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Intermediate-level workshop Introduction to NIMBLE: the fanciest member in the BUGS family Instructors: Perry de Valpine, University of California-Berkeley Date: 23–25 April 2018 Venue: Swiss Ornithological Institute, Sempach, Switzerland Computers: Bring your own laptop with latest R and NIMBLE Registration: CHFr. 350 (normal rate), CHFr. 200 (student rate) Complex hierarchical models are often fitted with software that uses the BUGS language for model description (e.g., JAGS, WinBUGS or OpenBUGS). For non-statisticians the simplicity of the BUGS language is a key to be able to fit such models in practice. However, the fitting algorithms implemented in these programs (MCMC) are mostly black boxes, and there are only very limited possibilities for the user to affect them. Therefore, in some cases convergence might be difficult to achieve at all or the algorithms may be inefficient. The new NIMBLE software (https://r-nimble.org/) offers solutions to these problems. It comes as an R package and uses the BUGS language to describe statistical models. In addition it gives very wide user control over the MCMC samplers. Moreover, NIMBLE interacts in a more direct way with R allowing the possibility to easily specify your own functions as needed. Perry de Valpine is a creator and main developer of NIMBLE and will give a comprehensive overview about the possibilities of this exciting new package. The workshop is geared towards scientists from ecology and related fields (e.g. fisheries and wildlife). The general topics in hierarchical statistical modeling and computational methods apply as well to many other applications. Contents include the following: 1. Introduction to NIMBLE Migrating from BUGS and JAGS The NIMBLE workflow in R Querying and manipulating models in R 2. MCMC in NIMBLE Configuring samplers Comparing different kinds of MCMC (within and outside of NIMBLE) Debugging 3. Programming in NIMBLE The nimbleFunction system for writing model-generic algorithms The NIMBLE compiler 4. Writing new samplers, new distributions and new functions to use in models 5. Maximum likelihood with NIMBLE 6. Sequential Monte Carlo (particle filtering) with NIMBLE In this intermediate-level workshop about 3/4 of the time is spent on lecturing and 1/4 on solving exercises. No previous experience with the NIMBLE software is assumed. However, a good working knowledge of modern regression methods (ANOVA, ANCOVA, GLMs) and of program R is required. Moreover, knowledge in of the programs using the BUGS language (JAGS, WinBUGS) is highly advantageous. Send your application to Michael Schaub (email@example.com), with CC to Marc Kéry (firstname.lastname@example.org); describing your background and knowledge in statistical modeling, R and WinBUGS/OpenBUGS/JAGS/NIMBLE and capture-recapture, by 28 February 2018 at the latest. Workshop invitations will be sent out immediately afterwards.
Instructors: Marc Kéry & Andy Royle, Swiss Ornithological Institute & USGS Patuxent Wildlife Research Center Date: 9–13 November 2015 Venue: Patuxent Wildlife Research Center, Laurel/MD Course fee: USD$550 (normal rate), USD$350 (student rate) The analysis of abundance and of the dynamic rates governing their change lies at the core of ecology and its applications such as conservation and wildlife management. Meta-population designs, where repeated measurements of some quantity such as counts or distance measurements are made at a collection of sites, underlie a vast number of studies in ecology and management. Inference about such data is conveniently based on hierarchical models, where one submodel describes the underlying true state of the process (e.g., abundance at a site) and another submodel describes the observation process that connects the true state to the observations. In recent years, much progress has been made in the development of methods and computer algorithms to fit hierarchical models. In particular, Bayesian statistical analysis and the general-purpose Bayesian software packages BUGS and JAGS have revolutionized the ways in which ecologists can conduct complex population analyses. On the other hand, the R package unmarked contains a wealth of functions for a frequentist analysis of hierarchical models of abundance. This course introduces key hierarchical models used in the analysis of abundance and survival and their spatial and temporal patterns, and provides both Bayesian and frequentist methods for their analysis. We use packages unmarked and wiqid and especially WinBUGS, OpenBUGS and JAGS to fit and understand some of the most widely used models for the analysis of animal and plant populations. These include: Binomial (Royle 2004) and multinomial N-mixture models (Dorazio et al. 2005, Royle et al. 2007) Conventional distance sampling and Hierarchical distance sampling (e.g., Royle et al. 2004, Sillett et al. 2012) Dynamic models of abundance for replicated counts (Dail & Madsen 2011) or distance sampling data (Sollmann et al. 2015) Cormack-Jolly-Seber (CJS) models, especially hierarchical CJS models for variation in survival over space (Saracco et al. 2010) or in a community of species This is an intermediate-level workshop with about 80% spent lecturing and 20% on solving exercises. A working knowledge of modern regression methods (GLMs, mixed models) and of program R is required. Previous experience with the BUGS language is beneficial. Please bring your own laptops and install a recent version of R, with the latest version of package unmarked, plus JAGS and/or WinBUGS 1.4. OpenBUGS works for most of what we do. Please apply here by 1 October 2015: https://docs.google.com/forms/d/1qqjfnIqk7TX8MTaYX2UzPl9OtdCtjodKQ206Qd8zSKY/viewform?usp=send_form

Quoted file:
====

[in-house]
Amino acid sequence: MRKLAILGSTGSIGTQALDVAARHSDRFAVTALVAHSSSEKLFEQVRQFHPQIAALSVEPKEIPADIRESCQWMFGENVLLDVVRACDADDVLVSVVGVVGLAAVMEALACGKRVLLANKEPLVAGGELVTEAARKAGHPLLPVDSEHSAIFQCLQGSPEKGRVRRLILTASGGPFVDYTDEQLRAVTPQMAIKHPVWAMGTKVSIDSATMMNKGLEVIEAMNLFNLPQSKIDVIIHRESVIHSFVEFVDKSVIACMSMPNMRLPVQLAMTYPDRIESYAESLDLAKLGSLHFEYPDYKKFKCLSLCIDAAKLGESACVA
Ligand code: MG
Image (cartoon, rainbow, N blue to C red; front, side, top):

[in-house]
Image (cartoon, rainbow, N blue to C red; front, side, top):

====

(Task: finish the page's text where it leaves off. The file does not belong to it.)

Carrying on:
Instructors: Marc Kéry & Jérôme Guélat, Swiss Ornithological Institute Date: 9–11 February 2015 Venue: Universidade Federal de Viçosa, Minas Gerais, Brazil Computers: Bring your own laptop with latest R, JAGS and WinBUGS or OpenBUGS Costs: 1000 Reais (400 US$) This course gives an introduction to Bayesian statistical modeling using BUGS software and then introduces a key class of models for the analysis of species distribution, habitat selection, occurrence and abundance: site‐occupancy models (MacKenzie et al. 2002, 2003; Tyre et al. 2003). Model fitting is shown using the Bayesian BUGS software and the R package unmarked. The course follows the book “Bayesian population analysis using WinBUGS” (Academic Press, 2012) by Kéry & Schaub and the upcoming book “Applied hierarchical models in ecology” (Academic Press, 2015) by Marc Kéry & Andy Royle. See the attached flier for more details. Occupancy Workshop Announcement, Vicosa, 9-11 Feb 2015.pdf